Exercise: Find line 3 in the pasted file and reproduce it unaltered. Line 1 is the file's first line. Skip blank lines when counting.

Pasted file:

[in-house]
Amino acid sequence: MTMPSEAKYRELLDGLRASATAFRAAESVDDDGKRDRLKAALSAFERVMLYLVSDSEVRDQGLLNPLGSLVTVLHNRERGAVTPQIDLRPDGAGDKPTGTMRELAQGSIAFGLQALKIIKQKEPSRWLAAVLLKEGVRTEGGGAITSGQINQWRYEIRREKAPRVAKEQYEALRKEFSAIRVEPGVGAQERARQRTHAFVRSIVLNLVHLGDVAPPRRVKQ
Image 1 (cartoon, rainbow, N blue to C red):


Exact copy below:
Image 1 (cartoon, rainbow, N blue to C red):